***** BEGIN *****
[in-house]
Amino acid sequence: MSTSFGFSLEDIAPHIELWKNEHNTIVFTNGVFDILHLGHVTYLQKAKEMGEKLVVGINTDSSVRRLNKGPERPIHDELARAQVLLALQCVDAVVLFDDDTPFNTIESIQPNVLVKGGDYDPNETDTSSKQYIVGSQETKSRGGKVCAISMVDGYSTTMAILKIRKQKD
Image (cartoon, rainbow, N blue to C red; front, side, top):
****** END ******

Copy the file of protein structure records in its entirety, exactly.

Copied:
[in-house]
Amino acid sequence: MSTSFGFSLEDIAPHIELWKNEHNTIVFTNGVFDILHLGHVTYLQKAKEMGEKLVVGINTDSSVRRLNKGPERPIHDELARAQVLLALQCVDAVVLFDDDTPFNTIESIQPNVLVKGGDYDPNETDTSSKQYIVGSQETKSRGGKVCAISMVDGYSTTMAILKIRKQKD
Image (cartoon, rainbow, N blue to C red; front, side, top):